Mike Erre is the senior pastor at the First Evangelical Free Church of Fullerton, a mega-church in California. Responding to last week’s controversy over the withdrawal of Pastor Louie Giglio from the Inauguration ceremony over his past anti-gay remarks, Erre posted an “open letter to the LGBTQ community” on his Facebook page. At first, it seems Erre is truly apologizing for the harm done to LGBT people by the condemnations of Christian conservatives:
I want to begin by simply confessing the great deal of harm that we Christians have done to you in the name of Jesus. Our anger, hostility, and antagonism toward you have no place in the community that is supposed to represent Him. I am so sorry. Far too frequently we in the Christian community are rightly characterized as homophobic, mean-spirited, and narrow-minded.
I have several friends who are gay, and they have enlightened me to the heavy burden that many of you carry when you are rejected, mocked, and discarded by those in the church. Instead of offering helpful care, wisdom, and encouragement, we have often turned you away in disgust. We have done too much talking and not enough listening. I grieve this. And I know that Jesus does also. He had a very tender place in His ministry and priorities for those who were marginalized by the religious leadership of his day.
Unfortunately, Erre isn’t really interested in righting wrongs. He goes on to subtly double down on the belief that gays and lesbians have to abandon their attractions in order to be right with God:
Some of us have also said to you that salvation or coming to Jesus means being automatically transformed into a heterosexual. I do think transformation is possible, but often we seem woefully naive of all the factors involved in this issue. As far as I can tell, one’s sexual orientation is not the determining factor in one’s eternal destiny. If my friendships are any indication, many yearn to follow Jesus fully and completely and yet continue to struggle to reconcile their faith with their desire for intimacy (sexual or otherwise) with someone of the same sex. We have failed to live out the good news of Jesus. Please forgive us.
I also believe that, at times, the homosexual community isn’t entirely truthful to you either. For one thing, the gospel of Jesus Christ announces that our desires are not our destinies. They can be overcome and placed in their proper context. Our wants don’t have to become our needs. Entrance into the kingdom of God through Jesus makes possible those things that, prior to Him, were thought to be impossible. We don’t have to live at the mercy of desire. Salvation isn’t found in self-gratification, nor is it found in unhealthy repression or denial. Jesus offers a third way.
One last thing. I disagree with those who think your sexual orientation is the most important thing about you. The most important thing about you is that, as a human being, you are made in the image of God. As an image bearer, you are a person who has intrinsic dignity, honor, and worth. You, like the rest of us, are also broken and bent toward what is worst for us. But the good news is that Jesus has come to make things right. He invites you into that redemption. Please don’t hold the sins of the church against Him.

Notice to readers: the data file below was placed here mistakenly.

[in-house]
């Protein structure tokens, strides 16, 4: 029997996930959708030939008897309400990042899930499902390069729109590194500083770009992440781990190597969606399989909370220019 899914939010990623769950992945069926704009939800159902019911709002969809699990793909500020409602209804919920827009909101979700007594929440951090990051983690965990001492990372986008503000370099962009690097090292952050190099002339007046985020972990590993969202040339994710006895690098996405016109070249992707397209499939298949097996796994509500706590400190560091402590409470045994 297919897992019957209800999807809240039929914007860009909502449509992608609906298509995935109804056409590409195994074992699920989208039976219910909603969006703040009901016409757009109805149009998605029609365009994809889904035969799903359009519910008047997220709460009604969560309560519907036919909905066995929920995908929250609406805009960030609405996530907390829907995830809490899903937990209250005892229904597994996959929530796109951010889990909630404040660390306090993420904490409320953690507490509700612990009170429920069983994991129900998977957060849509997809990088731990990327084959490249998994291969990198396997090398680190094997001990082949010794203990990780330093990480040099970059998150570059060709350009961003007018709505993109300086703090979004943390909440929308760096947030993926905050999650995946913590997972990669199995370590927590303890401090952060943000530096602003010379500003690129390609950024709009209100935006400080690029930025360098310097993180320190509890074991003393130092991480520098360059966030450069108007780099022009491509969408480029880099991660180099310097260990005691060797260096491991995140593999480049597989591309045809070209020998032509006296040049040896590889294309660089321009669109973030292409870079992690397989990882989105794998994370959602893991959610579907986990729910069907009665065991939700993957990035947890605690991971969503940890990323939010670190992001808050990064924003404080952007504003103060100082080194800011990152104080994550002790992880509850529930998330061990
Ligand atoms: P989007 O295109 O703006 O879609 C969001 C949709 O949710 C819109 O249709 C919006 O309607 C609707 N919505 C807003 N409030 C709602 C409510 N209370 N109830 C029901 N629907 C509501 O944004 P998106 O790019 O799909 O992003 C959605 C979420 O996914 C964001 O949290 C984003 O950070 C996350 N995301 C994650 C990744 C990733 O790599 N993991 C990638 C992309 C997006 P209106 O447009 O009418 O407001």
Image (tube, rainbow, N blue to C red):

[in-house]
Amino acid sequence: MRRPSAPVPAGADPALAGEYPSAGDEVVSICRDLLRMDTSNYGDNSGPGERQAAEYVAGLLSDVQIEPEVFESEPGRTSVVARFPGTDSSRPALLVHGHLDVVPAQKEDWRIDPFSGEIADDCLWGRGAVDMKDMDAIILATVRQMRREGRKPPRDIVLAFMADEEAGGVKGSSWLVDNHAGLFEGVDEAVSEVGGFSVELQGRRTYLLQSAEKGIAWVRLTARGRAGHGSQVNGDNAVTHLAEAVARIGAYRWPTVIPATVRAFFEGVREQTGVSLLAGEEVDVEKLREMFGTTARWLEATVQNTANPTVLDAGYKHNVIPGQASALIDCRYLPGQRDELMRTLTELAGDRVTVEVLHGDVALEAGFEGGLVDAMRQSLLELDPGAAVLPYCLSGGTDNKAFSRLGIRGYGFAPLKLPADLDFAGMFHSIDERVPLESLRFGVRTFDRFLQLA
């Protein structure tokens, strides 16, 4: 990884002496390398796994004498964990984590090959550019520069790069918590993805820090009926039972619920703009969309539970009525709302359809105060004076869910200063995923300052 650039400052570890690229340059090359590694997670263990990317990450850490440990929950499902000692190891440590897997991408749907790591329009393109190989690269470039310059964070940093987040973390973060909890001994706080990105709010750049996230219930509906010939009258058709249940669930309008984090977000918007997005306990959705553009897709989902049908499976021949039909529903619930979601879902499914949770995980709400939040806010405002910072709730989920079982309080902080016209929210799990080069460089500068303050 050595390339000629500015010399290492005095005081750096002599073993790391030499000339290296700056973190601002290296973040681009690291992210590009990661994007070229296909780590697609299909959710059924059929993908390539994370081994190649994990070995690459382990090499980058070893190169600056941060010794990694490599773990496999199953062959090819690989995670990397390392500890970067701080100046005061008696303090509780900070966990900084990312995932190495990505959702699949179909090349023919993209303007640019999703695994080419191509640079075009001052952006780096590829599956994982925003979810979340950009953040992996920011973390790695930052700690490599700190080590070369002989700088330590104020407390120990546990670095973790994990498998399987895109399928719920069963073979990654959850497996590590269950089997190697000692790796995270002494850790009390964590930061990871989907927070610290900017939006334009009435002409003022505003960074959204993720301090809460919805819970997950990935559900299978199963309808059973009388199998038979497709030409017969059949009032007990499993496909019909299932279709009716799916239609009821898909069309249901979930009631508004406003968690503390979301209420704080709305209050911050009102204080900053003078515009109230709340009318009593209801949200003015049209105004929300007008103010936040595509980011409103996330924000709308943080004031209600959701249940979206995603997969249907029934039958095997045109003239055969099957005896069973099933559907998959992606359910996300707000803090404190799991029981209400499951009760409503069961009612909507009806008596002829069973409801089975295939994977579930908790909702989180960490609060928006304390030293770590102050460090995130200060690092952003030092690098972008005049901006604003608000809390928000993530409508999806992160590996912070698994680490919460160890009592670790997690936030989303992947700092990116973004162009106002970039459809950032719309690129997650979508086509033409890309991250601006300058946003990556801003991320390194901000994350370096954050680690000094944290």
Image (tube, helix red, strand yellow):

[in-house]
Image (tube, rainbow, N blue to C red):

Erre seems to recognize that condemning homosexuality is harmful to gays and lesbians, and yet he proceeds to do so anyway. He fails to recognize that sexual orientation is experienced at all times, not just when individuals are being intimate. Expecting gays and lesbians to repress their identities to find “transformation” is the very harmful message Erre claims to be distancing himself from.
Last week, Terry Gross spoke with retiring Episcopal Bishop Gene Robinson on NPR’s Fresh Air, and he provided a stirring response to the suggestion by Christians that gays and lesbians are somehow not gay or lesbian if they simply don’t act on their attractions:
ROBINSON: I’m not just gay when I’m making love to my husband. I’m gay all the time. I’m gay right this minute talking to you. And it affects how I relate to the world, how I relate to people. And it comes out of this notion that, you know, it’s OK to be gay as long as you don’t act on it.
Well first of all, I don’t think that’s — I think that statement is disingenuous because the people who say that don’t act as all as if it’s OK to be gay. But taking them at their word, you know, when do you become gay? I laughingly will say to a more conservative audience, you know, OK, so if it’s OK to be gay but not act on it, could two men live together? Could we sleep in the same bedroom if we slept in twin beds?
Well, could we sleep in the same bed if we didn’t touch each other? Well, could we touch each other as long as we only held hands? I mean, at what point, at what point is it gay? Do you know what I mean? It just doesn’t make any sense. And it comes out of what I think is a very male understanding of sexuality, which is you’re only being sexual when you’re making love.
But the fact of the matter is we are sexual all the time, and this bifurcation of, you know, being gay versus acting on it just seems to me ludicrous at best and cruel at worst.
Erre may want to do right by gays and lesbians, but his letter suggests he doesn’t even have the most basic understanding of their lived experience. If he truly wants to show them his love and support, he needs to learn how to respect their right to be whole beings. He can’t expect forgiveness if he’s still denying the reality of who he’s talking to.